A soon as I got outside my throat seized up, I just couldn’t draw a breath. I ran to my office building holding my breath and burst into the lobby. There were several people in there all coughing and retching and 6 or 7 firemen. The fireman had shut down the elevators and were telling everyone to stay put. But the dust was getting worse and we were all having trouble breathing, so they decided to bring us all up to the 3rd floor. As soon as the elevators opened I jumped in one followed by another guy. I told him I had an office in the building and I was going to see if the phones were working, he was welcome to come. He said he worked in the towers and wanted to try and call his mother in NJ to let her know he was ok.
The fireman didn’t see us and we got to my office on the 7th floor. It was so weird walking in the door as everything looked so normal, except the windows were covered in ash which made the light in the office eerie. My phone was working and I called my girlfriend who was still sleeping. I told her to wake up and turn on the TV. I was safe but she needed to take down the guys mothers number in case we were cut off. Then we heard/felt an terrific thundering, rumbling which shook the building. The guy started freaking out “what’s that, what the fuck is that!?” “Is that the 2nd tower babe?” “Yes it’s completely collapsed, my god this is horrible” Then we lost the phones and the world went pitch black outside. I booted up my computer and miraculously my IM was working. A friend was on and we began messaging back and forth. She told me that I should get out of there, the news was saying there may be more attacks and they were worried about gas leak explosions. The guy from NJ said he was going to try and get back across the river and he left. I stayed for awhile as I didn’t want to breath that crap again. Finally I grabbed a spare work shirt which I wrapped around my head and face and proceeded out.
I’ll never forget the scene as I left my building. The closest way I can describe it is to imagine stepping out after a heavy snowstorm. Every inch of every building, car, lamppost, everything was covered in a grey fine dust and pilled 6 inches higher or more. There wasn’t a soul in sight and it was strangely peaceful. Then I looked to my left up Broadway and saw the raging fire coming from the WTC. It was billowing black smoke like an oil well on fire.
I decided to make my way south and then cut west to the river where I could walk the 10 miles home along the bike path. I was genuinely worried that my headgear made me look like a terrorist and some cop would shoot me. Suddenly 4 guys in construction gear coming running out of a building. They saw me and yelled “There’s a gas leak get out of here” and I ran for my life for the second time that day. That block seemed so long as I sprinted for the corner, expecting to be hit with shrapnel at any second. I made it to the corner and sheltered for a minute, my heart beating frantically.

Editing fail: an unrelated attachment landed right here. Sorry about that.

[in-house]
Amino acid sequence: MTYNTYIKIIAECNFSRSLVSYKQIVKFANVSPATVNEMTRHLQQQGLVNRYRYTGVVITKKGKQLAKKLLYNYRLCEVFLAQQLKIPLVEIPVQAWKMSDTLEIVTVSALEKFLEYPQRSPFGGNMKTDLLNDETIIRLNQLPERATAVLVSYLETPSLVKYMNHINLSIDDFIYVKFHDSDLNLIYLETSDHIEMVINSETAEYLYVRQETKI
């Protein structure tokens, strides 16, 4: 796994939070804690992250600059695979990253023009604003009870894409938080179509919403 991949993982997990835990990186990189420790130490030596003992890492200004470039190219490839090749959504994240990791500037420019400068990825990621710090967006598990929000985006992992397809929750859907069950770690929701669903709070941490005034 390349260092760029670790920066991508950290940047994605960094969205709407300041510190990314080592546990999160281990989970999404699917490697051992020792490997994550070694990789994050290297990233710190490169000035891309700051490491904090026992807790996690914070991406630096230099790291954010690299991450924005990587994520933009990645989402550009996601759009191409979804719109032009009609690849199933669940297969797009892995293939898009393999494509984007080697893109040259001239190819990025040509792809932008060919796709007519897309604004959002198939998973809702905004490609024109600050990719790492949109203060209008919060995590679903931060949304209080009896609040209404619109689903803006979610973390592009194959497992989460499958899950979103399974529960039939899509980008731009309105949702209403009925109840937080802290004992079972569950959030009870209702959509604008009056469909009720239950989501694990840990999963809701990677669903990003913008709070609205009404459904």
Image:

I got to the river where there was a boardwalk?… pier?, I don’t know. It was a pedestrian walkway made of wood running alongside the river, I’d never been there before. That ‘s where I saw all the possessions people had left behind in the panic. The strollers were the weirdest to see. People had been out walking their babies on a beautiful sunny morning and the next minute they’re snatching them up and running for their lives. That’s also when the idea of finding a bike occurred to me and I began to look for one that wasn’t chained up.
At this point I was just a block or so west of the towers. I could see the burning pile of rubble that was the towers and I remember it just blew my mind that 100+ stories could be reduced to such a relatively small pile. There was a fire crew there unrolling a hose and I worried that they would send be back the way I had come, but I literally stepped in between two of them and over the hose and nobody said a word to me. Then I saw what looked like a pizza delivery bike on its side almost completely covered with debris. I looked around nervously as I would never in a million years usually steal a bike. There was a cop not 10 feet from me but he wasn’t paying attention and I realized that he didn’t care, the bike would be thrown in a landfill and I really really didn’t want to walk 10 miles if I could ride instead. So I picked it up, hopped on and cycled away.
Traveling by bike is a very different way to see the world. As I got further away from the burning rubble, through the triages with no patients, the city began to become more and more normal. As I reached my neighborhood a van cut me off and the driver called me an asshole “get out of the way asshole!” he yelled. I was pissed but that bit of NYC normality was comforting in a strange way.
When I got home I washed myself and I washed the bike. I had to. But I left the underside of the seat unwashed. It turned out to be a cheap but new black beach cruiser with whitewalls. I still have it and when I ride it always brings me back to that day.